Eliminativist Soul.

Tom Allan writes via email:

"Not sure though about your point re: a move away from the Latin mnml of Luciano and Ricky V, and towards the Ostgut sound. That's where some of the critical interest is going, I guess, but the main shift has been towards the dreaded post-mnml quasi- deep house of Oslo, Cecille, Mountain People, Drumpoet, Sascha Dive etc. Which was ok for a release or two but now sounds boring as fuck. But that's undoubtedly where 'the scene' (dj's, producers, labels, punters) has mostly gone. Ostgut/Berghain have existed in parallel to mnml for years, and are now I guess attracting more critical interest than previously, partly because of the Shed LP [...] Most of the Berghain residents (including Dettman and Klock) were involved in Tresor, and the sound is very much a part of that Berlin 'nuum, obviously tying in with Basic Channel/Hardwax/Chain Reaction too. I'm not sure how much it owes to mnml, to be honest... So re: house/techno shifting in parallel with socio-economic changes, that's borne out by the rising popularity of Ostgut (and the Hardwax-affiliated labels like Equalized, MDR and Klockworks, also the suddenly massive popularity of e.g. Sandwell District), but not really by all the neo-deep house stuff, which is supposedly about reinvigorating mnml by introducing 'warmth' and 'soul'... "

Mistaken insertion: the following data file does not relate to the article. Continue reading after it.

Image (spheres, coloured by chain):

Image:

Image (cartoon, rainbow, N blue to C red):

I'm certainly with Tom when it comes to a deep suspicion bordering on contempt for the kind of ‘warmth’ and ‘soul’ proffered by the neo-deep house contingent, but I think that this kind of bifurcation (both of which operate via a retracing of steps to a certain extent, though Ostgut Ton clearly manage to extract a greater amount of value than the pseudo-deep set) is not entirely divorceable from the socio-economic, especially given the fact that Berghain/Ostgut had evolved since the early 00s in parallel to the then-dominant mnml sounds. Why the turn to these genres now? In part of course this is due to internal reasons within the mnml scene, a perceived total exhaustion of its potentials resulting in a lot of generic tracks being produced, along with a disdain for the rapid mainstreaming of what had once been an underground sound. But this kind of polarisation in the descendant sounds seems to imply a degree of relation to the spirit of the times more generally: some sounds drifting towards the cold/dark/inhuman, others to warmth, soul etc.